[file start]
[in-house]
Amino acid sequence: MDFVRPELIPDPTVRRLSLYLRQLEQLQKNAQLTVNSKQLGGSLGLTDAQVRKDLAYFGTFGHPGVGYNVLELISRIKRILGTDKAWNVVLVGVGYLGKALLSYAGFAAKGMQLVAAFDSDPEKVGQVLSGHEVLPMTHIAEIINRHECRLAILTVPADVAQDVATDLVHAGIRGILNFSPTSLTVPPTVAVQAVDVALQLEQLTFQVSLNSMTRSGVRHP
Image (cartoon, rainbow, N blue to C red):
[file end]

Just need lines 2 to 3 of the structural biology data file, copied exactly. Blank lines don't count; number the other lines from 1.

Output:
Amino acid sequence: MDFVRPELIPDPTVRRLSLYLRQLEQLQKNAQLTVNSKQLGGSLGLTDAQVRKDLAYFGTFGHPGVGYNVLELISRIKRILGTDKAWNVVLVGVGYLGKALLSYAGFAAKGMQLVAAFDSDPEKVGQVLSGHEVLPMTHIAEIINRHECRLAILTVPADVAQDVATDLVHAGIRGILNFSPTSLTVPPTVAVQAVDVALQLEQLTFQVSLNSMTRSGVRHP
Image (cartoon, rainbow, N blue to C red):